by Hannah Persaud
About ten years ago, we had a chance meeting with Rob Elliott, author of “The Food Maze”, and his partner Sally. They opened our eyes to problems in our global food systems, and showed us their personal, local, community-oriented response. When we got home, we started to learn more about our food and where it comes from. One morning we emptied all our cupboards and read the labels of everything in detail. Until then our buying choices were largely led by price, but we’ve always cooked from scratch and eaten fresh, so it was a surprise to us how many of our store-cupboard items contained ingredients we just hadn’t known about.
Soon, we stopped shopping in supermarkets, started finding out where our nearest farmers’ markets were, and rearranged our weekly schedule to incorporate new ways of buying food. Our Christian faith began to be an important part of this journey, as we realised that making choices around consumption was a response to the great commandment “love your neighbour” and to our original role as stewards of the Earth. It’s become more than just a ‘good’ thing to do; it’s about justice for the land and for the poor. We made the decision to reduce dramatically the amount of meat we eat and to make a considered choice about from whom we buy the meat we do eat – to know the principles and processes under which it’s been reared and slaughtered.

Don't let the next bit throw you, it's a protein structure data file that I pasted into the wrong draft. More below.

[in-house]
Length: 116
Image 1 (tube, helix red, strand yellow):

There have been challenges. We’ve learned that good food SHOULD cost money, so we go without in other areas to ensure that we can invest in a system which supports the soil and the people who grow our food. It’s been a mind-set shift, but it’s just about trying to honour God with the money that we have.
Another challenge has been other people! Many of our friends and family were interested and supportive (and ten years on, having a moral stance on what you buy is more commonplace) but it has been a stumbling block with some, and we haven’t always got it right as we’ve tried to strike a balance between being humble and sticking to important principals.
However, as our children have grown up with this focus on food as part of their everyday life, and our community has gradually joined in the journey, sharing the joy and appreciation of what we’re buying and eating with others has become a central part of our lives and an important expression of our faith.
This ‘Meet the Community’ article was written by Hannah Persaud, for the Wild Christian email, ‘Nature and Consumption.’ Hannah lives in Irthlingborough in East Northamptonshire with her family,